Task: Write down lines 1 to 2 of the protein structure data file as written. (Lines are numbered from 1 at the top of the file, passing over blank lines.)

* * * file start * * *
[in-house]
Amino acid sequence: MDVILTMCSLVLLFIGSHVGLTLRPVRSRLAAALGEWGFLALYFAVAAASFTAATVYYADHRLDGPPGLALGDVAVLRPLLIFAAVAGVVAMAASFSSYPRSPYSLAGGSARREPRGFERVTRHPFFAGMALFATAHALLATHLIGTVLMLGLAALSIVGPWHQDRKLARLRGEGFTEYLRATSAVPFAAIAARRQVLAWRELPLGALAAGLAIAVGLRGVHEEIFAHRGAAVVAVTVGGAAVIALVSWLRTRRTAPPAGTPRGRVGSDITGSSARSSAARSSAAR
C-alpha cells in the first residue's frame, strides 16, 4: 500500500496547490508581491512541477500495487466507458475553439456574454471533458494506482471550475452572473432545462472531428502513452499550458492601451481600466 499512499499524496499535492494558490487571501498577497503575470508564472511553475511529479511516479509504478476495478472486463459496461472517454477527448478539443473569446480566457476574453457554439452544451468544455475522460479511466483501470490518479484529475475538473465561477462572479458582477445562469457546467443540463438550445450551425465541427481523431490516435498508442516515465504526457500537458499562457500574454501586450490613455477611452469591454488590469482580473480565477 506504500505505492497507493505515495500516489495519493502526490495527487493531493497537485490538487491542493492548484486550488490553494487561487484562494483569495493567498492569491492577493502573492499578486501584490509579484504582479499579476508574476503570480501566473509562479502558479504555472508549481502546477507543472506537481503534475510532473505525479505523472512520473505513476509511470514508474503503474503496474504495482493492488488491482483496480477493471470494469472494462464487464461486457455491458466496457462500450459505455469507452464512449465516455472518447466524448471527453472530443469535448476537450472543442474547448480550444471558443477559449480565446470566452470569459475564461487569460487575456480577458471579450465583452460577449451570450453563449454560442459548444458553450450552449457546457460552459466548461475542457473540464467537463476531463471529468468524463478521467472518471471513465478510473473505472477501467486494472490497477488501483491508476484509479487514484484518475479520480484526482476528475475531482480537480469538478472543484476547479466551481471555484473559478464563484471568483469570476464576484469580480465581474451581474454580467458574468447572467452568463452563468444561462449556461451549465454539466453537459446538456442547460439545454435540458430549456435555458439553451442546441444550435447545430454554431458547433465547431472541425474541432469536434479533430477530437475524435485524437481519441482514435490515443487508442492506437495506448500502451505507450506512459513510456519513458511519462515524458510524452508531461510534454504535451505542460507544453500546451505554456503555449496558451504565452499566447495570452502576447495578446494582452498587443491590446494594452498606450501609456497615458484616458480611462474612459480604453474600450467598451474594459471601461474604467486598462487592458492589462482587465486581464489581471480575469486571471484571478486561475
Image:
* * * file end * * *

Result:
[in-house]
Amino acid sequence: MDVILTMCSLVLLFIGSHVGLTLRPVRSRLAAALGEWGFLALYFAVAAASFTAATVYYADHRLDGPPGLALGDVAVLRPLLIFAAVAGVVAMAASFSSYPRSPYSLAGGSARREPRGFERVTRHPFFAGMALFATAHALLATHLIGTVLMLGLAALSIVGPWHQDRKLARLRGEGFTEYLRATSAVPFAAIAARRQVLAWRELPLGALAAGLAIAVGLRGVHEEIFAHRGAAVVAVTVGGAAVIALVSWLRTRRTAPPAGTPRGRVGSDITGSSARSSAARSSAAR